By, Kate Oliver, MSW, LCSW-C
Attachment is the relationship people develop with our early caregivers that shape how we form connections to other people throughout our lives as well as the lens through which we view the world. We are all born relying completely upon adults to meet our needs. Humans rely on parents to ensure survival longer than any other species for basic nourishment and caretaking making our connection to our caregivers incredibly important.
As infants, while relying on our caretakers, we are also building the neurotransmitter systems in our brains. When babies look into the eyes of their parents, literally thousands of neurons per second get activated. The building of this neuron wiring sets up the foundation of our attachment system or structure. When you think of it this way, it is simple: if baby gets her needs met “enough,” she develops what we would call a secure attachment, if baby does not get her needs met “enough” she develops what we would call an “insecure” attachment.
A securely attached child tends to think more along the lines of: the world is a safe place, I am loving and loveable, adults are reliable and my choices make a difference. Children with insecure attachments tend to think more along the lines of: I am bad, when I trust people I usually get hurt or disappointed, my choices don’t make any difference. In the classification of insecurely attached children there are two categories. I see these categories as insecurely attached with a structure (anxious or avoidant) and insecurely attached without structure (disorganized). This distinction is important because if a child tends to have an anxious/avoidant style of attachment, you are more likely to be able to predict behaviors and their response to different challenges. However, with a disorganized structure, because the child has no system for tackling issues in place at all, it is incredibly difficult to predict what the child will do in a given situation. Prediction is difficult because they do not have any consistent way of tackling a problem.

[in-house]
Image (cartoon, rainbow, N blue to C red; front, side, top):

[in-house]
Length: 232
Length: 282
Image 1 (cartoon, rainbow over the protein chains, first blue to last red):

While attachment is a concept that was first studied by Bowlby back in the 1950’s and developed upon by Mary Ainsworth, more recently clinicians have begun working to find methods to help children with insecure attachments to repair their attachment style. Clinicians such as Daniel Hughes, and Art Becker-Wideman, who utilize Dyadic Developmental Psychotherapy, and Glen Cooper, Robert Marvin, Kent Hoffman and Bert Powell, the creators of the Circle of Security intervention, have begun the fascinating work involved in working to help with this often overlooked and minimized issue. In more ways than ever before, clinicians have the opportunity to learn about not only the importance of attachment-based therapy but the methodology for effectively treating children with a disturbed attachment style.
What’s the extent to which you have seen disorganized attachment patterns in children and how do you work with them in therapy?
2 thoughts on "A Quick Primer on Early Primary Relationships"
I have seen these patterns repeatedly in adult trauma survivors – especially those with complex PTSD/DID. As a psychodramatist trained in The Therapeutic Sprial Model tm of psychodrama ( clinically modified for work with trauma survivors) , I often use an intervention called “the body double” in which I use limbic resonance and empathic attunement to help the client come into and remain in “the window of tolerance” , build a therapeutic alliance, and create safety for attachment with self and eventually with others. I have written about this in the book (in press, Jessica Kingsley) Healing Eating Disorders with Psychodrama and Other Action Methods – Beyond the Silence and the Fury , with co-author Karen Carnabucci .
Linda, thank you for your insights. I am very familiar with the body double modality, our trainer teaches it in the Level II program, and I agree that it is incredibly effective and powerful! I look forward to your upcoming book and wish you great success with it!